Margaret Thatcher tore into John Major over his handling of the economy, weeks after backing him to succeed her as prime minister, according to newly released official documents.
In an extraordinary private meeting, she rounded on her erstwhile protege, warning him he was on the verge of a "historic error" which could plunge the country into recession.
The files released by the National Archives in Kew, west London, underline how rapidly relations between the two soured after Mr Major entered No 10 following her shock resignation in November 1990.
While Mrs Thatcher had previously made clear he was her chosen successor, she quickly came to suspect he wanted to abandon her legacy as he spoke of his desire for a more "compassionate" Conservatism.
She was particularly incensed by his decision to scrap the "poll tax" - her flagship local government reform - even though its deep unpopularity had been a key factor in her downfall.
On Boxing Day 1990, Mr Major wrote to her inviting her to a face-to-face meeting in an attempt to clear the air.
It was an encounter he clearly approached with some trepidation, writing anxiously: "I am a little concerned at some of the press comment on a 'new style' as this suggests new policies and I don't wish to change the drift of policy."
The meeting took place in Mr Major's room in the House of Commons on January 3 1991, and Mrs Thatcher wasted no time in making her concerns known, warning that "excessively high" interest rates risked pushing the economy into recession.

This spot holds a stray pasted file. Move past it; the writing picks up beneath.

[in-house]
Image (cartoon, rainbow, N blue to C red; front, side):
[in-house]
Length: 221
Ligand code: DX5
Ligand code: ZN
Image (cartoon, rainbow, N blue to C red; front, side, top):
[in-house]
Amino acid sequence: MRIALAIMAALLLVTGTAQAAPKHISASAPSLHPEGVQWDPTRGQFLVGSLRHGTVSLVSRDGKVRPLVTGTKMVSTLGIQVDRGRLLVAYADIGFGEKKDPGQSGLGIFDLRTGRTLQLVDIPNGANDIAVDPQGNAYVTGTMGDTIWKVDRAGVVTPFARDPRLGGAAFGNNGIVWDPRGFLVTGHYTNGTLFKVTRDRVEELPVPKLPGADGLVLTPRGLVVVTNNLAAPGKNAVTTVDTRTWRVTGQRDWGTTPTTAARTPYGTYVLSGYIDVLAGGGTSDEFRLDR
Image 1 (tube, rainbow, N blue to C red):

She even compared the position to Winston Churchill's calamitous decision as chancellor in 1925 to return Britain to the gold standard - a move that led to deflation, mass unemployment and the General Strike.
"Mrs Thatcher said conditions on the economy were very tough indeed," the official minute of the meeting noted. "She believed that there was a danger of repeating Winston Churchill's historic error."
Mr Major appears to have been taken aback by her onslaught, retorting the current situation "was not remotely comparable".
While he wanted to get rates down, "snatching at an interest rate reduction at the first opportunity" would be counter-productive, creating the impression ministers were set on cuts "come what may".
Mrs Thatcher was not finished, turning to his decision to abandon the poll tax - or community charge as it was officially known - in the face of widespread criticism of rising bills.
"Local authorities would draw the conclusion that it was such a bad tax they could put it up as much as they liked and blame the government," she fumed.
Her solution was to strip councils of their responsibility for education, leaving them with a much-reduced set of powers and revenues.
The meeting appears to have done much to set the tone of the future relations between the two, with Mrs Thatcher increasingly becoming a thorn in the side of Mr Major - particularly over Europe.
It left ministers anxious to avoid further friction. Discussing plans for the 1992 general election, Conservative Party chairman Chris Patten wrote: "I understand Margaret's entourage are letting it be known that if she were not invited to the final rally she would be 'hurt'.
"It may be that inviting her to a rally at the beginning of the campaign, as we are proposing, will get around this difficulty."